Representational image.

The danger of COVID 19 is looming large. One after another countries announced lockdown all over the globe to stop the spread of this deadly virus. The WHO, though is saying that mere lockdown is not enough to fight the pandemic.

What is needed is a mass scale testing of people. May be we need both. There is no doubt that managing the COVID 19 has become the top priority of the counties at the moment. Like other nations, India has also declared a 21-day lockdown.

Following the lockdown, it was pointed out by many that the poorest of the poor would be worst affected by it. It was also feared that lockdown would affect our economy. Particularly its impact in the informal sector of the economy would be severe which account for the 90% of the jobs.

It was suggested that government should come out with a special economic package for the poor people so that they could withstand the fallout of the lockdown. But none imagined the unfolding of a human tragedy the sudden lockdown would cause to the poorest of the poor, specially the migrant workers in the country.

Who are these migrant workers? BBC has put it so nicely in one of its latest stories: “These informal workers are the backbone of the big city economy, constructing houses, cooking food, serving in eateries, delivering takeaways, cutting hair in salons, making automobiles, plumbing toilets and delivering newspapers, among other things. Escaping poverty in their villages, most of the estimated 100 million of them live in squalid housing in congested urban ghettos and aspire for upward mobility.”

After the lockdown, these people found that everything came to a standstill and they had no income, no food and nothing. Their survival was at stake. More than the fear of COVID 19, they feared that they would die now out of hunger.

The only option left for them was to return home. Back home at least they would be among their own people, family and friends. But how would they go home when all means of transportation were withdrawn and everything was under the lockdown? What could they do now except walking home? So millions of them were on the roads on their feet in their homeward journey.

When government and all other national and international agencies were advising people to maintain social distance, suddenly roads in Delhi and many other metropolises were crowded with the swarms of walking people. They were fanning out towards the boarders to go home. What an irony and paradox? The most unfortunate thing is already more than 20 such people have died while walking home.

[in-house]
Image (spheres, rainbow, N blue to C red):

The pertinent question here is- did the government think about the enormity of the problem before declaring the lockdown? Why couldn’t they guess it? Why there were no preparations? Or is it that the top decision makers in our county don’t know the ground realities in India? But the same government had sent flights to ferry stranded people in foreign countries?

When commercial airlines stopped flying, the super rich in India brought their students and family members from abroad by luxury charted jets. And here millions of migrant workers inside the country had no means of transportation to return home! The latest news is even more horrifying.

The Central government has ordered sealing of all interstate boarders. Stadiums and other such facilities are being converted to temporary prisons and migrant workers are being imprisoned there for quarantine. It has also been reported that these workers are also being sprayed with disinfectant to sanitize them.

First, government didn’t have any plan for them and now they are being treated like this! Why is this apathy for the poor and marginalized people in this country?  Aren’t they from India? Don’t they belong here?

Apart from the exodus of the migrant workers, there is another worrisome thing. It is important that lockdown should be strictly observed by the people. It should be enforced so because it is for the good and safety of the people. But if out of some emergencies or even out of ignorance some people venture out, they should not be treated as dreaded criminals and beaten mercilessly by the police. But police is doing just that.

We have seen shocking police atrocities and highhandedness in many places in the country. This is uncalled for and reprehensible. This is no civilized way of treating our citizens.

Another thing, when such an extraordinary situation arises in a country how should we approach it? Should we not approach it as a nation unitedly? Have we seen any such attempt at the national level or at the state level of involving the leaders of the opposition political parties, civil society members and other stakeholders of the society, at least for seeking their guidance and advice in tackling the crisis.

No, we haven’t seen any such initiative yet. Have we seen and heard the prime minister engaging himself in some kind of consultation with the chief ministers of different states? Doesn’t the crisis warrant that? Again, what have we seen in Assam? We haven’t seen any all party meeting on COVID 19. In a democracy, dealing with a crisis of such dimension should be through a process of consensus. This should be above power politics and partisan motives.

Paresh Malakar

Paresh Malakar is a commentator based in Guwahati. He can be reached at: malakarparesh@gmail.com